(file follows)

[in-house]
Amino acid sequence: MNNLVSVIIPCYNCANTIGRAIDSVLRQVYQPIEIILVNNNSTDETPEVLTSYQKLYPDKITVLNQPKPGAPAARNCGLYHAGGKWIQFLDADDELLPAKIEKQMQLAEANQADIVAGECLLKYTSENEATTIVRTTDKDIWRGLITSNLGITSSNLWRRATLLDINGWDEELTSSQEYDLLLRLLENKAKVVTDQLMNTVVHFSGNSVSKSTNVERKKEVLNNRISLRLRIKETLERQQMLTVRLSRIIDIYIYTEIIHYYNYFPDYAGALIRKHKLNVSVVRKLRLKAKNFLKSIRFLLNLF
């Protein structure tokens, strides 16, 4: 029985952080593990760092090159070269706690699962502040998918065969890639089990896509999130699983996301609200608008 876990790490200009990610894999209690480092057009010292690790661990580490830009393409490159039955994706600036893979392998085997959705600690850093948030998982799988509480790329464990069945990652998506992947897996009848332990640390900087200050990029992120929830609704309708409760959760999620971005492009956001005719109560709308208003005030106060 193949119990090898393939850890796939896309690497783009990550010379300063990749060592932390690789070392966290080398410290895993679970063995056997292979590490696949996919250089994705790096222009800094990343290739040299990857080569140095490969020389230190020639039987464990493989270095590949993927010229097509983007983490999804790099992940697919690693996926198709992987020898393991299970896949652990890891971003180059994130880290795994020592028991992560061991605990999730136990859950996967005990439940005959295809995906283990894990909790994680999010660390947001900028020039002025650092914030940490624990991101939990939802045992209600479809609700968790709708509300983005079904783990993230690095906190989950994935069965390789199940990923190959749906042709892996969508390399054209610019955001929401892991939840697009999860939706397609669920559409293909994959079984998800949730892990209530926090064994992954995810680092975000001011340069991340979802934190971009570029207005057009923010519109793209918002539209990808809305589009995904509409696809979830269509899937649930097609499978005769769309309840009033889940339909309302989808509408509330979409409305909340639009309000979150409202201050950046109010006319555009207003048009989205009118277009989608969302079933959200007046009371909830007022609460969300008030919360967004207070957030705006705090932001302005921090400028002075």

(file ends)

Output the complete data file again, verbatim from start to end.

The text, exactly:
[in-house]
Amino acid sequence: MNNLVSVIIPCYNCANTIGRAIDSVLRQVYQPIEIILVNNNSTDETPEVLTSYQKLYPDKITVLNQPKPGAPAARNCGLYHAGGKWIQFLDADDELLPAKIEKQMQLAEANQADIVAGECLLKYTSENEATTIVRTTDKDIWRGLITSNLGITSSNLWRRATLLDINGWDEELTSSQEYDLLLRLLENKAKVVTDQLMNTVVHFSGNSVSKSTNVERKKEVLNNRISLRLRIKETLERQQMLTVRLSRIIDIYIYTEIIHYYNYFPDYAGALIRKHKLNVSVVRKLRLKAKNFLKSIRFLLNLF
């Protein structure tokens, strides 16, 4: 029985952080593990760092090159070269706690699962502040998918065969890639089990896509999130699983996301609200608008 876990790490200009990610894999209690480092057009010292690790661990580490830009393409490159039955994706600036893979392998085997959705600690850093948030998982799988509480790329464990069945990652998506992947897996009848332990640390900087200050990029992120929830609704309708409760959760999620971005492009956001005719109560709308208003005030106060 193949119990090898393939850890796939896309690497783009990550010379300063990749060592932390690789070392966290080398410290895993679970063995056997292979590490696949996919250089994705790096222009800094990343290739040299990857080569140095490969020389230190020639039987464990493989270095590949993927010229097509983007983490999804790099992940697919690693996926198709992987020898393991299970896949652990890891971003180059994130880290795994020592028991992560061991605990999730136990859950996967005990439940005959295809995906283990894990909790994680999010660390947001900028020039002025650092914030940490624990991101939990939802045992209600479809609700968790709708509300983005079904783990993230690095906190989950994935069965390789199940990923190959749906042709892996969508390399054209610019955001929401892991939840697009999860939706397609669920559409293909994959079984998800949730892990209530926090064994992954995810680092975000001011340069991340979802934190971009570029207005057009923010519109793209918002539209990808809305589009995904509409696809979830269509899937649930097609499978005769769309309840009033889940339909309302989808509408509330979409409305909340639009309000979150409202201050950046109010006319555009207003048009989205009118277009989608969302079933959200007046009371909830007022609460969300008030919360967004207070957030705006705090932001302005921090400028002075």